Shazia Mirza: The Kardashians Made Me Do It
Soho Theatre, London
“My Name is Shazia Mirza – at least, that’s what it says on my pilot’s licence.” In the wake of the 9-11 bombings this was the joke that catapulted former science teacher Shazia Mirza into the position of “go-to” Muslim comic. Perhaps her femininity made it easier to laugh. But Mirza has come a long way since then. For her it is no longer enough to collect plaudits as Asian Woman of the Year – “I won it just for leaving the house” – she is here to prove that she deserves her position at comedy’s top table, regardless of race or gender. Gone is the headscarf, replaced by a sparkly top, “for my gay fans”.
Gone, too, is the self-consciousness at her still unusual situation. The very fact that a straight-talking Pakistani woman comic brought up in a strict Muslim household has gay fans at all is as much a credit to Mirza’s ability to provoke laughter in the face of terror, as it is with her audience’s belated realisation that laughter is universal.
That’s not to say that her audacious evisceration of homegrown Islamic extremism doesn’t still cause nervousness in some quarters. This show was originally going to be called The Road to al Baghdadi (after the leader of Islamic State) but Mirza’s hosts recoiled in fear of retribution. Instead she opted for The Kardashians in reference to the fact that the sister of one of the girls who ran away from the Bethnal Green “Jihademi’ to join IS told a House of Commons Select Committee that she was a perfectly average schoolgirl who used to watch The Kardashians, as though this is a barometer of normalcy.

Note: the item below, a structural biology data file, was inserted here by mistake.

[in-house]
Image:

Their absconding had nothing to do with religion, says Mirza. “They think they’ve gone on a Club 18-30 holiday to Ibiza… they’re not religious, they’re horny, and looking for an Halal version of Brad Pitt. “These would-be Jihadi brides even packed an epilator, prompting Mirza to caustically suggest that if they need to trim their bikini lines they are too old for IS in the first place. Suddenly the idea that we will soon be living in a Caliphate seems as absurd as it does tragic.
A pretty blonde consuming a cream egg in the front row is asked what she does for a living. “I work in counter-terrorism’ comes the unexpected reply. “Don’t you think you’re a racist for coming to see my show?’ asks Mirza, as quick to shoot down “liberals” who struggle to see beyond her colour as she is extremists.
She scorns a newspaper editorial that claims Nadia, who won The Great British Bake Off, did more for race relations than any government. “A woman wins a baking competition and suddenly she’s Nelson fucking Mandela. Why can’t a Muslim woman just be credited for being good at what she does?” Of course, you can never be sure that the Muslim lady who boards your bus in London wearing a burkha is a lady at all. “She’s probably a man using his elderly mother’s bus pass!” I daren’t even tell you what the burkha-clad shoppers at Harrods get up to. Suffice to say, it’s not called a big tent for nothing!
Like all comics who have something of genuine interest to say, Mirza pushes her audience just as far as it is prepared to go, which this evening is considerably further than many will have been pushed before. The result is not only brave, but often breath-taking. Mirza concludes with a translation (accompanied by a short video) of Hadith number 557, in which the prophet foretells and condemns a group such as IS, leaving you in no doubt that Mirza is every bit as necessary as she is funny. As long as this Asian Woman of the Year is out and about, it’s your duty to leave your own house and see her.